Forum for Science, Industry and Business

Sponsored by:     3M 
Search our Site:

 

Satellite Instrument to Provide New Details on Ozone

22.06.2004


Just after 3 a.m. on July 10, University of Colorado at Boulder researcher John Gille expects to watch a new NASA satellite blast into orbit from the dark California coastline on a mission to study Earth’s protective ozone layer, climate and air quality changes with unprecedented detail.



Gille, principal investigator on the satellite’s High Resolution Dynamics Limb Sounder (HIRDLS) instrument, said he and his sleep-deprived colleagues will probably only get to watch the rocket for a few moments before it disappears into a thick deck of clouds that typically settles over the area this time of year.

The irony isn’t lost on Gille, who’s been at work on the instrument since 1988. "Writing about clouds in a meteorological journal, a scientist once said, ’There’s no way to deal with these troublesome objects,’ " he laughed.


Surface ozone pollution and air quality deterioration -- byproducts of agricultural burning, deforestation, urban activity and industry -- are increasing worldwide. Questions remain about the recovery of the protective ozone layer and the role of chemistry in climate change. HIRDLS and three other instruments on NASA’s AURA satellite are designed to address these questions in detail.

HIRDLS is an international collaboration between scientists and engineers in the U.S. and Britain. Gille is HIRDLS U.S. principal investigator, and along with his Oxford University counterpart he is responsible for the overall success of the instrument, including design, testing, collection and use of data for scientific purposes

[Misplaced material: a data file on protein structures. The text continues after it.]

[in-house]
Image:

.
At CU-Boulder, Gille is an adjoint professor in the Program in Atmospheric and Oceanic Sciences and senior research associate at the Center for Limb Atmospheric Sounding. "Limb" is the astronomical term for the edge of a planet and its atmosphere.

"Unlike the satellite images you see during TV weather forecasts, which are looking straight down at the Earth, our instrument is looking off toward the horizon," Gille said. "We look at the horizon from orbit, scanning up and down for a profile view."

The profile gives scientists insight into radiation, temperature and distribution of gases at different levels in the atmosphere. The data is then used to study the ozone layer, climate change and interaction between layers of the atmosphere.

HIRDLS will scan the mid- to upper-troposphere and the tropopause, the boundary region between the troposphere and the stratosphere. The troposphere extends upward from the Earth’s surface to about 10 miles high at the equator and five miles high at the North and South poles. The stratosphere, which contains trace gases as well as the radiation-absorbing ozone layer, lies on top of the troposphere.